Slurring the Irish:

The Book Black Mass had as a subtitle “The Irish Mob, the FBI, and the Devil Deal.”  The Devil Deal was the relationship between the FBI and its Top Echelon Informants (TEIs). The mob I assumed was the Winter Hill Gang (WHG). The FBI had TEIs in the Mafia but I don’t think that the authors were referring to that as the Irish mob.

Truth be told, there was no deal with WHG. The deal was between the FBI and James “Whitey” Bulger and Stevie Flemmi, one Irish and the other Italian. Two don’t make a mob so we have to look further.

I suppose if the authors of Black Mass were pressed to explain they would agree that the WHG is what they were referring to when they spoke of an Irish Mob. Some have suggested that if we could look into their dark hearts we would see that what they meant by Irish Mob was Whitey Bulger and his brother, Billy, against whom they had an irrational abhorrence. But I’ll assume that’s not who they meant.

You won’t find this out reading Black Mass but there were other gangster groups in the Boston area other than the WHG and Mafia. The meanest was the Roxbury gang. It hung around in Roxbury and the South End (not to be confused with South Boston). That Roxbury group consisting of among others Steve Flemmi, Jimmy Flemmi, Frank Salemme, John Martorano, and Jimmy Martorano, Italians all. They, the Salemme and Jimmy Flemmi excepted, would join up with the WHG at the end of the 1960s Boston gang wars.

When the Roxbury group decided to move over to work with the Somerville group there was no WHG. There was the Winter Group consisting of Howie Winter, German background, Joe McDonald and Jimmy Sims from Scottish backgrounds. Howie was the leader but Joe McDonald was the most feared because of his temper and drinking. When Whitey joined, the WHG consisted of two Scottish guys, a German, and three Italians. How then did it get tagged as an Irish mob? Do you think it may have had something to do with the Brahmin-owned newspaper the authors worked for? Some suggest they were as much afeared of the Irish as the were of Ebola. They thought like Ebola that once Irish entered a body it would take it over.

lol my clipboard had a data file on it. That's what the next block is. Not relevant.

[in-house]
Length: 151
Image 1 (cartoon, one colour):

Then there’s the Boston Gang Wars often called the Irish Gang wars. This supposedly started in the early 1980s allegedly stemming from a fracas that happened on Labor Day in 1981 at Hampton Beach, New Hampshire between members of the Irish McLaughlins from Charlestown and Buddy McLean’s group from Somerville. That year, on October 31, 1981, Buddy McLean murdered Bernie McLaughlin and did two years in jail on a gun charge. After that it was almost three years before another murder occurred so dating that event back to the isolated incidents in 1981 never made much sense.

The real murder spree started in 1964. Most of the killings were not done by the McLaughlin/McLean group but by other groups mainly the Roxbury group, the East Boston group under Joe “the Animal” Barboza, and the Mafia. The biggest killers were Steven Flemmi, Frankie Salemme, Larry Baione and John Martorano. (Whitey was in prison at the time.)  Of the fifty or so people murdered in that war, less than one-third were Irish and even a less number belonged to the McLaughin or McLean groups.

The use of the terms “Irish Mob” and “Irish Gang War” all unfairly cast aspersions on the Irish. Just because some Irish may be involved in gangster activities doesn’t turn them into Irish events. Doing this wrongly identifies the source of much criminal activity which may let the real gangsters not of Irish heritage escape censure.